/ Population of Faversham 1500-2000
The graph below traces changes in the population of the town of Faversham between 1530 and 1990.
The first census did not take place till 1801, so for figures before this date only unofficial estimates are available.The earliest ones (till and including 1680 and also 1772) are based on counts of the number of households. Used here are the multipliers which seem to be generally accepted (x 4 up to 1680s and x 4.8 for 1772) but it is possible that for the 16th century x 4 is too low a multiplier.
For 1576, for example, it yields a population of 1,520, but prima facie this seems on the low side, given that the town had been self-governing since 1252, has a large number of 13th-16th century timber-framed houses (some quite big and lavish) surviving in the town centre, and had a sophisticated local government system and was very prosperous in the late 16th century.
Other points which should be noted:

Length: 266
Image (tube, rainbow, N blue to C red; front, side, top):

- Between 1780 and 1850 the town’s population increased steadily, reflecting perhaps the industrialisation of the two breweries, the onset of brickmaking and the expansion of the explosives industry.
- Between 1850 and 1900 it increased even faster, reflecting in particular the growth of the brickfields, large-scale expansion of at least one of the breweries, and the arrival of the railway and the town’s status as a junction and ‘shed’. The new high explosives factories probably also played a part, though they were some distance from the built-up area and may have drawn some of their labour-force from outside the town.
- Between 1900 and 1930 (probably also 1940, but there was no Census then) the population declined, reflecting mainly the working-out of the brickfields and the closure of the high explosives factories. The population began to increase again after the end of World War II. New industries were attracted to replace the old, the railway was electrified and the M2 opened.
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